One adaptation that oak trees exhibit is very deep root systems, which help them find water. This is especially useful in a habitat that's prone to drought. The leaves of many oaks are thick and have small stomata, which reduces the rate of evaporation and water use.
Oak trees that have large stomata are usually found in hot climates. Larger stomata, which are tiny pores in the leaves, allow the plant to cool down through evaporation.
Other types of oak trees have leaves that curl up in response to drought, or drop their leaves during dry periods. They allow sap to flow easily in early wood when water is plentiful, and slow down the rate of water movement through the cells during droughts.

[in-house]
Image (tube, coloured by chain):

Oak trees in North America, especially older ones, can tolerate some fires. The evergreen cork oak, which is native to the Mediterranean, grows a thick covering of cork to protect it from fires. Fire removes the competition of less fire-resistant trees, and removes debris from around the oaks. This makes it easier for animals to collect and disperse their acorns. Fire also kills pests, such as moths and weevils, that eat or ruin acorns. Oaks produce more acorns when they're not crowded together with other oaks, allowing for a wider dispersal of oak trees where less crowded conditions allow them to thrive.